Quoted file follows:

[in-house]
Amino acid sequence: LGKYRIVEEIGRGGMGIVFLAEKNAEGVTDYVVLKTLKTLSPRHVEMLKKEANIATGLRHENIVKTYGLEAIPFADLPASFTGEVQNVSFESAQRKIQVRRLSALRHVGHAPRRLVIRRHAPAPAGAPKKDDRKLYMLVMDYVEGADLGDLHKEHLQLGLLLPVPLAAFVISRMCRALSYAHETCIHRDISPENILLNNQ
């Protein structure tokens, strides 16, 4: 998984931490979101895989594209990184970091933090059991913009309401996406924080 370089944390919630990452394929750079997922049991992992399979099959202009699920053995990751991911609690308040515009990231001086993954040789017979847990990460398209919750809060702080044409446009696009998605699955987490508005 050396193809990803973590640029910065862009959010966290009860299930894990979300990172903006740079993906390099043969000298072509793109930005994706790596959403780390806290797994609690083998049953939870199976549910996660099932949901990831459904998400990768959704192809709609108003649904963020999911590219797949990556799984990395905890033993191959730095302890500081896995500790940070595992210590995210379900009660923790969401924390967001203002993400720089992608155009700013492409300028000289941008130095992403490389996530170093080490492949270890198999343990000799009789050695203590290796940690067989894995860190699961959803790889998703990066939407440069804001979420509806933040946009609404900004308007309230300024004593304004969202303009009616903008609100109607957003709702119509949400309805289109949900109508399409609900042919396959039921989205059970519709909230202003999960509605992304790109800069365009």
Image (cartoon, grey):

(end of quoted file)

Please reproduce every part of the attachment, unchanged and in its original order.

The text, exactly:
[in-house]
Amino acid sequence: LGKYRIVEEIGRGGMGIVFLAEKNAEGVTDYVVLKTLKTLSPRHVEMLKKEANIATGLRHENIVKTYGLEAIPFADLPASFTGEVQNVSFESAQRKIQVRRLSALRHVGHAPRRLVIRRHAPAPAGAPKKDDRKLYMLVMDYVEGADLGDLHKEHLQLGLLLPVPLAAFVISRMCRALSYAHETCIHRDISPENILLNNQ
């Protein structure tokens, strides 16, 4: 998984931490979101895989594209990184970091933090059991913009309401996406924080 370089944390919630990452394929750079997922049991992992399979099959202009699920053995990751991911609690308040515009990231001086993954040789017979847990990460398209919750809060702080044409446009696009998605699955987490508005 050396193809990803973590640029910065862009959010966290009860299930894990979300990172903006740079993906390099043969000298072509793109930005994706790596959403780390806290797994609690083998049953939870199976549910996660099932949901990831459904998400990768959704192809709609108003649904963020999911590219797949990556799984990395905890033993191959730095302890500081896995500790940070595992210590995210379900009660923790969401924390967001203002993400720089992608155009700013492409300028000289941008130095992403490389996530170093080490492949270890198999343990000799009789050695203590290796940690067989894995860190699961959803790889998703990066939407440069804001979420509806933040946009609404900004308007309230300024004593304004969202303009009616903008609100109607957003709702119509949400309805289109949900109508399409609900042919396959039921989205059970519709909230202003999960509605992304790109800069365009």
Image (cartoon, grey):